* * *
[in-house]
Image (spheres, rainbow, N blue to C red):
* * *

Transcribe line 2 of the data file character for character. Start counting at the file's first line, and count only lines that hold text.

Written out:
Image (spheres, rainbow, N blue to C red):